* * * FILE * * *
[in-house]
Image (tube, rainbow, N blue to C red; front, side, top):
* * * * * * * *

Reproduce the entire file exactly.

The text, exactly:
[in-house]
Image (tube, rainbow, N blue to C red; front, side, top):